Configure Path Monitoring for a Static Route

Use the following procedure to configure Static Route Removal Based on Path Monitoring.
  1. Enable path monitoring for a static route.
    1. Select NetworkVirtual Routers and select a virtual router.
    2. Select Static Routes, select IPv4 or IPv6, and select the static route you want to monitor. You can monitor up to 128 static routes.
    3. Select Path Monitoring to enable path monitoring for the route.
  2. Configure the monitored destination(s) for the static route.
    1. Add a monitored destination by Name. You can add up to eight monitored destinations per static route.
    2. Select Enable to monitor the destination.
    3. For Source IP, select the IP address that the firewall uses in the ICMP ping to the monitored destination:
      • If the interface has multiple IP addresses, select one.
      • If you select an interface, the firewall uses the first IP address assigned to the interface by default.
      • If you select DHCP (Use DHCP Client address), the firewall uses the address that DHCP assigned to the interface. To see the DHCP address, select NetworkInterfacesEthernet and in the row for the Ethernet interface, click on Dynamic DHCP Client. The IP Address displays in the Dynamic IP Interface Status window.
    4. For Destination IP, enter an IP address or address object to which the firewall will monitor the path. The monitored destination and static route destination must use the same address family (IPv4 or IPv6).
      The destination IP address should belong to a reliable endpoint; you wouldn’t want to base path monitoring on a device that itself is unstable or unreliable.
    5. (Optional) Specify the ICMP Ping Interval (sec) in seconds to determine how frequently the firewall monitors the path (range is 1-60; default is 3).
    6. (Optional) Specify the ICMP Ping Count of packets that don’t return from the destination before the firewall considers the static route down and removes it from the RIB and FIB (range is 3-10; default is 5).
    7. Click OK.
  3. Determine whether path monitoring for the static route is based on one or all monitored destinations, and set the preemptive hold time.
    1. Select a Failure Condition, whether Any or All of the monitored destinations for the static route must be unreachable by ICMP for the firewall to remove the static route from the RIB and FIB and add the static route that has the next lowest metric going to the same destination to the FIB.
      Select All to avoid the possibility of any single monitored destination signaling a route failure when the destination is simply offline for maintenance, for example.
    2. (Optional) Specify the Preemptive Hold Time (min), which is the number of minutes a downed path monitor must remain in Up state before the firewall reinstalls the static route into the RIB. The path monitor evaluates all of its monitored destinations for the static route and comes up based on the Any or All failure condition. If a link goes down or flaps during the hold time, when the link comes back up, the path monitor can come back up; the timer restarts when the path monitor returns to Up state.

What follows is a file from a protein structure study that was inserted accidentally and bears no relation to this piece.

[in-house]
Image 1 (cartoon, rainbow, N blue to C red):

A Preemptive Hold Time of zero causes the firewall to reinstall the route into the RIB immediately upon the path monitor coming up. Range is 0-1,440; default is 2.
    3. Click OK.
  4. Commit.
    Click Commit.
  5. Verify path monitoring on static routes.
    1. Select NetworkVirtual Routers and in the row of the virtual router you are interested in, select More Runtime Stats.
    2. From the Routing tab, select Static Route Monitoring.
    3. For a static route (Destination), view whether Path Monitoring is Enabled or Disabled. The Status column indicates whether the route is Up, Down, or Disabled. Flags for the static route are: A—active, S—static, E—ECMP.
    4. Select Refresh periodically to see the latest state of the path monitoring (health check).
    5. Hover over the Status of a route to view the monitored IP addresses and results of the pings sent to the monitored destinations for that route. For example, 3/5 means that a ping interval of 3 seconds and a ping count of 5 consecutive missed pings (the firewall receives no ping in the last 15 seconds) indicates path monitoring detects a link failure. Based on the Any or All failure condition, if path monitoring is in failed state and the firewall receives a ping after 15 seconds, the path can be deemed up and the Preemptive Hold Time starts.
      The State indicates the last monitored ping results: success or failed. Failed indicates that the series of ping packets (ping interval multiplied by ping count) was not successful. A single ping packet failure does not reflect a failed ping state.
  6. View the RIB and FIB to verify that the static route is removed.
    1. Select NetworkVirtual Routers and in the row of the virtual router you are interested in, select More Runtime Stats.
    2. From the Routing tab, select Route Table (RIB) and then the Forwarding Table (FIB) to view each, respectively.
    3. Select Unicast or Multicast to view the appropriate route table.
    4. For Display Address Family, select IPv4 and IPv6, IPv4 Only, or IPv6 Only.
    5. (Optional) In the filter field, enter the route you are searching for and select the arrow, or use the scroll bar to move through pages of routes.
    6. See if the route is removed or present.
    7. Select Refresh periodically to see the latest state of the path monitoring (health check).
      To view the events logged for path monitoring, select MonitorLogsSystem. View the entry for path-monitor-failure, which indicates path monitoring for a static route destination failed, so the route was removed. View the entry for path-monitor-recovery, which indicates path monitoring for the static route destination recovered, so the route was restored.

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